Being trend-right for our customers means making sure we showcase each season’s hottest colors in stores and online — but how do our designers know what colors are going to be in fashion when they start working on future collections? And how do we make those colors wearable? That’s where Denise Byer comes in. As Gap’s Senior Manager of Color Services, she’s at the helm of color curating for Gap’s collections each season. (Her job is as dreamy as it sounds.)
We got an inside look at her colorful world (complete with an endless library of swatches and inspiration boards) to hear more about her how one ends up as a color guru for one the world’s largest clothing brands, and what her process looks like behind the scenes of each collection.
Being in charge of color is one of the coolest job descriptions we’ve ever heard. What does your role involve?
I collaborate closely with the creative team leads to research and pinpoint the key color and market trends that ultimately help us create the color story for each season. We work those themes into color palettes for kids, men’s, women’s, and body products, for all of our specialty, online and outlet channels.
Once the palettes are finalized, I create the color standards that go to our cross-functional teams, including the designers on our creative team and the textile specialists on our technical team. It’s an amazingly creative and niche role, but I’m still able to use my spreadsheet brain from back before I was in the world of color.
How did you end up in this role?
I honestly think everything started with my first box of Crayola crayons – the 64 count! Having access to all of those colors was a revelation — “A color named “periwinkle?!” Much later, while I was working in design graphics, I took a color test that showed I have “superior discrimination,” aka an excellent eye for color. When I found out about a job as a color coordinator for a major fashion brand, I jumped on it, and have been working with color ever since. Holiday 2007 was my first season working on color for Gap. (Fun fact: I also get to name our colors.)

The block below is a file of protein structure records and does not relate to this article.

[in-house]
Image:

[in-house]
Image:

So where do you find the inspiration and direction for creating Gap’s color palettes?
I’m always on the lookout, keeping tabs on trends, building color stories, and watching how people actually wear color. I get a ton of inspiration from the energy of New York City itself — just walking down the street, seeing people going about their business, random street art, the lighting, the plant life, unexpected pops of color everywhere. I bring it all back to the colors Gap customers will love. We’re about optimistic, clear colors that balance back to our signature core color palette (white, black, navy, khaki and heather grey) and, of course, to our denim assortment.
What’s trending in the world of color right now?
It’s interesting to watch colors that started out being very edgy become mainstream. For example, burnt reds and oranges have been getting popular lately, and I’m starting to see a lot of golds and yellows. Lilac tones are everywhere this season – that may be the next evolution of “millennial pink,” which has been the “new black” for a while now.
Innovation is a big part of everything Gap does — how are we innovating in color?
We’re committed to creating product in a sustainable way, so our color standards are certified compliant with OEKO-TEX standards. That means our textiles are independently tested to ensure that they don’t contain harmful chemicals – it’s a voluntary standard that goes far beyond governmental requirements. We’re also looking into new sustainable initiatives, including better ways of dyeing with vegetable dyes and more efficient washes. And we share our innovations, colors, and best practices with our peers at Athleta, Banana Republic and Old Navy, so everyone benefits from the knowledge and testing that’s happening across the organization. That’s one of the best parts about being part of a portfolio of brands where everyone is hungry to learn from one another.
Interested in joining the always-colorful Gap team? Check out our open jobs in San Francisco and New York City. And follow us on LinkedIn to learn more about working at Gap.